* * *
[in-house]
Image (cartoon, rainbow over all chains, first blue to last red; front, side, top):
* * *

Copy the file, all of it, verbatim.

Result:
[in-house]
Image (cartoon, rainbow over all chains, first blue to last red; front, side, top):